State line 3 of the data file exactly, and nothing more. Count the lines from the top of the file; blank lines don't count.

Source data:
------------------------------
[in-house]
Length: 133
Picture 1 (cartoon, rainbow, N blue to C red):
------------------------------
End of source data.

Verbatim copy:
Picture 1 (cartoon, rainbow, N blue to C red):